Northern Line F1A (oz14893)
About this Plan
Northern Line F1A. Free flight competition glider model. Wingspan 2.15 m.
Direct submission to Outerzone.
Update 29/10/2023: Added article, thanks to RFJ.
Quote: "Northern Line. Mike Cook's up-to-date F1A, ideal for the new season's free flight glider competitions
Mike Cook currently flys with the Maidstone Free Flight Group (MFFG) but hails from the Hull area of Yorkshire, hence the 'Northern Line' design name. During his 20 years of contest flying he has concentrated mostly on Glider and particularly F1A (A/2), achieving some notable successes - the Northern Gala, Nordic Trophy, SMAE Cup and Stonehenge Cup amongst others. In 2000 he made his first British team place for the European Championships and is firmly committed to the 'Modern' Bunter style F1A model.
The design featured here is the result of all that experience and would ideally suit the contest flier who wants to move on from the more traditional model to the high-tech. For those who are still not sure about 'bunting' a more basic 'zoom' launch fuselage version is also included on the plan.
Northern Line is designed and intended as something of an all-rounder. At 2.15 metres wingspan it could hardly be categorised as either a still air 'super-dooper' or windy weather 'clunk'; yet it takes these extremes - plus the middling conditions - easily in its stride. The model described and drawn in this article began life back in 1983 and has slowly evolved since then. The first carbon fibre version was built in 1994 and is still flying today. The plans presented in this article contain different fuselages for a zoom launch and bunt launch version of the model. I would recommend that you consider trying the bunt option in order to get the most from this design, but zoom launches would be quite acceptable if this is your first high-tech model and you want to 'test the water' slowly.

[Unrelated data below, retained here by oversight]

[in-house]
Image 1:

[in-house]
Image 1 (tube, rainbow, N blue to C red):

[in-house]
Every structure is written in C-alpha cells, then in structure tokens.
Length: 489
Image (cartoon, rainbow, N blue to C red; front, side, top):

Carbon fibre and Kevlar: I'm sure that most people who've made the transition from wooden models to composite structures will agree that carbon fibre is, at best, unpleasant to work with. However, harnessing its considerable tensile strength within airframes has produced a new generation of extremely robust models with enhanced aerodynamic efficiency and, particularly for F1A, the strength to withstand high speed, height gaining launches. I've built four Northern Lines in the last nine years and they're all still flying competitively - this would not be the case with wooden models. Until recently I did use Kevlar cloth for the wing tip and tail shells; carbon cloth is far better.
Moulding carbon fibre cloth: Having decided to make the transition from wooden to carbon fibre models I invested in two modelling aids from Joe Maxwell of Scotland. Joe recently retired though it is still possible to purchase, or make, similar items to the ones described below. The first was a 'V' press with a leading edge radius of 1.5mm. This enables me to produce the 'taco' shells (D-boxes) for both the wing and tailplane. The procedure is very straightforward; just follow these steps..."
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